king in his stead. ii Because Manasseh king of Judah hath 25 Now the rest of the acts of Amon which done these abominations, and hath done wick- he did, are they not written in the book of the edly above all that the Amorites did, which chronicles of the kings of Judah? were before him, and hath made Judah also to 26 And he was buried in his sepulchre in sin with his idols :
the garden of Uzza : and "Josiah his son 12 Therefore thus saith the Lord God of reigned in his stead. 1 2 Chron. 33. 1. Chap. 18, 4, 8 Jer. 32. 34. 4 2 Sam. 7. 13. 31 Kings 8. 29, and 9. 3. Chap. 23. 27. Jer. 15. 4.
7 I Samn, 3. 11.
10 9 Chron. 33. go,
8 Heb, he wipeth and turreth it upon the face thereof.
9 Heb. from mouth to mouth. n Matth. 1. 10, called Josias.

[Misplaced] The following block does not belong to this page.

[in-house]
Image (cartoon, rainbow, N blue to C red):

CHAP. xxi.- The parallel chapter is 2 Chron. xxxiv.; greater than in some of those which have preceded. Sce and although there is considerable difference, the resem: the notes on the chapter referred to. blance between the two parallel chapters is considerably Verse 7. ' He set a graven image of the grove.'-See the
1 second note on Judges vi. 25. [APPENDIX, No. 55.]
heard the words of the book of the law, that he
rent his clothes. I Josiah's good reign. 3 He taketh care for the repair 12 And the king commanded Hilkiah the
of the temple. & Hilkiah having found the book of priest, and Ahikam the son of Shaphan, and the law, Josiah sendeth to Huldah to enquire of the
Achbor the son of Michaiah, and Shaphan the Lord. 15 Huldah prophesieth the destruction of Jerusalem, but respite thereof in Josian's time.
scribe, and Asahiah a servant of the king's,
saying, Josiah 'was eight years old when he began to 13 Go ye, enquire of the Lord for me, and reign, and he reigned thirty and one years in | for the people, and for all Judah, concerning Jerusalem. And his mother's name was Je the words of this book that is found : for great didah, the daughter of Adaiah of Boscath. is the wrath of the LORD that is kindled against